Cadava, Eduardo. ‘Mortification’ Words of Light: Theses on the Photography of History (Chichester: Princeton University Press, 1997) 7-11


The incunabula of photography – its beginnings, its childhood, but also its burial place, its funereal plot its relation to printing and inscription flashes the truth of the photo. This truth says, if it can say anything, that what structures the relationship between the photographic image and nay particular referent, between the photograph and the photographed, is an absence of relation, what Benjamin calls […] ‘ a salutary estrangement between man and his surroundings’.

Rather  than reproducing, faithfully and perfectly, the photographed as such, the photographic image conjures up its death.


Reading against the grain of a certain faith in the mimetic capacity of photography, the photographic event reproduces, according to its own faithful and rigorous deathbringing manner, the posthumous character of our lived experience.


The experience of our relation to memory, of our relation to the process of memorialisation, is not at all accidental: nothing is more characteristic. We appear to ourselves only in this bereaved allegory, even before the moment of our death.

Subjects of photography, seized by the camera, we are mortified – that is, objectified, “thingified”, imaged.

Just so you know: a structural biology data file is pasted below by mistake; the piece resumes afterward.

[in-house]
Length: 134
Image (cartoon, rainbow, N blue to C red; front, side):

We need only know that we are mortal – the photogrpah tells us we will die, one day we will no longer be here, or rather, we will only be here the way we have always been here, as images. It announces the death of the photographed.


[‘Man withdraws from the photographed image’] The withdrawal to which Benjamin refers here is not an empirical withdrawal, but rather a withdrawal that is fundamental to the temporal structure of the photograph. There can be no photographed without the withdrawal of what has been photographed.

A small funerary monument, the photograph is a grave for the living dead. It tells their history – a history of ghosts and shadows – and it does so because it is this history.

As its own grave, the photograph is what exceeds the photograph within the photograph. It is what remains of what passes into history. It turns in on itself in order to survive, in order to withdraw into a space in which it might defer its decay, into an interior – the closed off space of writing itself.


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